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Q: What are the benefits of the Precision BioSciences’ ARCUS genome editing platform and what makes it unique?

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University of Michigan

About us:
The Precision Medicine World Conference (PMWC), in its 13th installment, will take place in Silicon Valley on January 22-24, 2018. The program will traverse innovative technologies, thriving initiatives, and clinical case studies that enable the translation of precision medicine into direct improvements in health care. Conference attendees will have an opportunity to learn first-hand about the latest developments and advancements in precision medicine and cutting-edge new strategies and solutions that are changing how patients are treated.

Agenda highlights:

    • More than 70 sessions with 350+ thought-provoking, insightful talks that cover all facets of precision medicine
    • Four tracks will showcase sessions on the latest advancements in precision medicine which include, but are not limited to:
    • Immuno-oncology
    • Cancer and rare disease diagnostics
    • Biomarker and companion diagnostics
    • Big data approaches
    • NGS applications
    • AI and machine learning applications
    • Advancements in liquid biopsy applications
    • Wellness & Aging
    • CRISPR
    • The human microbiome
    • Infectious disease ID and monitoring
    • The importance of patient engagement
    • 3-D technologies
    • Updates on data and regulatory policies
    • Metabolomics in precision medicine
    • mHealth and Telehealth

About us:
The Precision Medicine World Conference (PMWC), in its 13th installment, will take place in Silicon Valley on January 22-24, 2018. The program will traverse innovative technologies, thriving initiatives, and clinical case studies that enable the translation of precision medicine into direct improvements in health care. Conference attendees will have an opportunity to learn first-hand about the latest developments and advancements in precision medicine and cutting-edge new strategies and solutions that are changing how patients are treated.

Agenda highlights:

    • More than 70 sessions with 350+ thought-provoking, insightful talks that cover all facets of precision medicine
    • Four tracks will showcase sessions on the latest advancements in precision medicine which include, but are not limited to:
        • Immuno-oncology
        • Cancer and rare disease diagnostics
        • Biomarker and companion diagnostics
        • Big data approaches
        • NGS applications
        • AI and machine learning applications
        • Advancements in liquid biopsy applications
        • Wellness & Aging
        • CRISPR
        • The human microbiome
        • Infectious disease identification and monitoring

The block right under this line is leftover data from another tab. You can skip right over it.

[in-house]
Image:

• The importance of patient engagement
        • 3-D technologies
        • Updates on data and regulatory policies
        • Metabolomics in precision medicine
        • mHealth and Telehealth

One track will be dedicated to the various aspects of the All of Us Research Program, while another session will focus on educating California’s legislators.

 

Confirmed thought leaders include:

Sir John Bell

Sir John Bell

Regius Professor of Medicine, Oxford University

sally-davies

Dame Sally Davies

Chief Medical Officer, Department of Health, UK Government

BLA00002-Elizabeth-Blackburn

Elizabeth Blackburn

Nobel Laureate, President, Salk Institute for Biological Studies

George-Sledge

George Sledge

Professor, Division Chief, Stanford University Medical Center

Jeffrey Bluestone

Jeffrey Bluestone

CEO and President, Parker Institute for Cancer Immunotherapy

Christopher Ianelli

Christopher Ianelli

Founder and Chief Executive Officer,  iSpecimen

Kenneth J. Pienta

Kenneth J. Pienta

Director, Brady Urological Institute, Johns Hopkins Medicine

Roy Beveridge

Roy Beveridge

Senior Vice President & Chief Medical Officer, Humana

Kimberly Blackwell

Kimberly Blackwell

Professor of Medicine, Assistant Prof. of Radiation Oncology, Duke Cancer Institute

Joshua Denny

Joshua Denny

Professor of Biomedical Informatics & Medicine, Vanderbilt University Medical Center

Edward S. Kim

Edward S. Kim

Chair, Solid Tumor and Investigational Therapeutics, Levine Cancer Institute

Howard L. McLeod

Howard L. McLeod

Medical Director, Personalized Medicine Institute, Moffitt Cancer Center

Lee Newcomer

Lee Newcomer

SVP, UnitedHealthcare Oncology and Genetics

Vinod Khosla

Vinod Khosla

Partner and Founder of Khosla Ventures

Troy Brennan

Troy Brennan

Executive VP & CMO, CVS Health

Ira Mellman

Ira Mellman

VP, Cancer Immunology, Genentech

Event Highlights

When
January 22, 2018 8:00am to January 24, 2018 5:00pm
Where
Computer History Museum
1401 N Shoreline Blvd
Mountain View, CA 94043
Cost
$1850 by January 19th, 2018
Registration
3-Day Access to Talks, Exhibition & Reception:
See Registration Details

Registration: PMWC Conferences

Silicon Valley Jan 22-24, 2018

65+ Sessions 4 Tracks
350+ Speaker lineup
Access to the exhibition
Breakfast & lunch refreshments
Networking App
Award Reception